I have friends who attended the same small military high school as I did. There are a couple of college drinking buddies on the list, a couple of folks with whom I worked when I was in the USAF, and other people with whom I’ve worked over the years.

There are friends and connections with my sister and brother who are also on my Facebook friends list. There are children and grandchildren of friends and family who have accepted my Friend requests or whose requests I have accepted.

All of this is just by way of saying a big thank you to Jane Hamsher for having made the suggestion to join Facebook. It’s possible to ignore all the Facebook games and such yet still use Facebook to re-connect with formerly lost aspects of a lifetime.

Thank you Jane!

And because I can:

Richie Hayward RIP

They Really Are Insane, Part II

11:17 am in Uncategorized by dakine01

It gets somewhat frustrating to read the cheerleader stories on the economy, or from the supposed economic experts on the same day and in the same paper where there are other stories plumbing the economic problems of average, everyday, yes, real Americans.

First off, we have the somewhat ludicrous cheerleader opinion piece from Treasury Secretary Tim Geithner in today’s (Tuesday August 3) NY Times titled Welcome to the Recovery. It’s impossible for me to pull out a couple of points of idiocy from this piece as almost every line of it is a misdirection, strawman, or flat out untruth.

From there, we go to this piece discussing a speech Monday by Fed Chair Ben Bernanke:

While the United States has “a considerable way to go” for a full recovery, “rising demand from households and businesses should help sustain growth,” Mr. Bernanke said on Monday in a speech in Charleston, S.C. “We are maintaining strong monetary policy support for the recovery,” he said in response to an audience question, without discussing any further action the Fed could take to aid growth.

The remarks signal that Mr. Bernanke and his colleagues, when they meet in Washington next week, will stop short of making major changes in their policy statement or taking new steps to lower interest rates and reduce unemployment, said John Ryding, a former Fed researcher. Consumer spending, which accounts for about 70 percent of the economy, “seems likely to pick up in coming quarters from its recent modest pace,” Mr. Bernanke said.

Yeah, who cares about nearly 10% official Unemployment and the Un/Underemployment nearly double that? David Dayen had a post at FireDogLake yesterday on a Krugman column on how this is the "New Normal" for employment. Looks like Krugman is correct (not that that is a shock mind you.)

These speeches and such are contrasted by this story in today’s Times on "99ers."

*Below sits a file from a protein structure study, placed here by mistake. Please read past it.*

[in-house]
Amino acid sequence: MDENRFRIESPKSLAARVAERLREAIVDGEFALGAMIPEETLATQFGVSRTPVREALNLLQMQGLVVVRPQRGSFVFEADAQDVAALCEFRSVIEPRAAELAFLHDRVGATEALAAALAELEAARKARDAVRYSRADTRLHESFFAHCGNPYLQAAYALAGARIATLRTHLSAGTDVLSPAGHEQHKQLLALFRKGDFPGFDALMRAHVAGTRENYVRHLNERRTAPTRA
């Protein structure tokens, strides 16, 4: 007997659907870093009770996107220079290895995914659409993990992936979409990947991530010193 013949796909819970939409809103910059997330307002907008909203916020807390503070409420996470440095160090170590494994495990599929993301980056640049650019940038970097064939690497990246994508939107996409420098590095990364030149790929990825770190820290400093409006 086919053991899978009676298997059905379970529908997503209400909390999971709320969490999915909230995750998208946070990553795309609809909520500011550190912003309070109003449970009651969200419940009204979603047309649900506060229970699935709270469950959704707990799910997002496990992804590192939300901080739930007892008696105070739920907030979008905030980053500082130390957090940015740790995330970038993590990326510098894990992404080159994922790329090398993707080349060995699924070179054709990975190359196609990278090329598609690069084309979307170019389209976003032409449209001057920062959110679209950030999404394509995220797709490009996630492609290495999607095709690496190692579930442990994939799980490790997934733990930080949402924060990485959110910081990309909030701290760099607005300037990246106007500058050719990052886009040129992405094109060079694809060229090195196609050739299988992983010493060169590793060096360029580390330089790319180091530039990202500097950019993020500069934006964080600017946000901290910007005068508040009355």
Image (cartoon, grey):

In June, with long-term unemployment at record levels, about 1.4 million people were out of work for 99 weeks or more, according to the Bureau of Labor Statistics. Not all of them received unemployment benefits, but for many of those who did, the modest payments were a lifeline that enabled them to maintain at least a veneer of normalcy, keeping a roof over their heads, putting gas in their cars, paying electric and phone bills.

I’m one of those "99ers." I was laid off in April ’04, a few months before my 52nd birthday. I exhausted my unemployment benefits and used up my retirement plans. As I’ve said before, the only consolation in that is knowing that even with paying early cash out penalties, I still got to use more of it on myself than those who watched their plans swirl down the toilet in the Crash of Too Big To Fail.

An Economix blog post in today’s Times offers some discussion on why "laypeople" think the Great Recession is still ongoing. Using Alan Greenspan’s analysis from Sunday’s Meet the Press(!) to explain:

MR. ALAN GREENSPAN: …I think we’re in a pause in a recovery, a modest recovery. But a pause in the modest recovery feels like quasi recession. Our problem, basically, is that we have a very distorted economy in the sense that there has been a significant recovery in a limited area of the economy amongst high-income individuals who have just had $800 billion added to their 401(k)s and are spending it and are carrying what consumption there is. Large banks, who are doing much better, and large corporations, whom you point out and the — and everyone’s pointing out, are in excellent shape. The rest of the economy, small business, small banks, and a very significant amount of the labor force, which is in tragic unemployment, long-term unemployment, that is pulling the economy apart. The average of those two is what we are looking at, but they are fundamentally two separate types of economy.